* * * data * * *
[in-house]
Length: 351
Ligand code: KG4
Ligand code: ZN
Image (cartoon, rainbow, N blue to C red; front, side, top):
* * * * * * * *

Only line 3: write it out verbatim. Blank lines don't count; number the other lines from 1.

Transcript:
Ligand code: KG4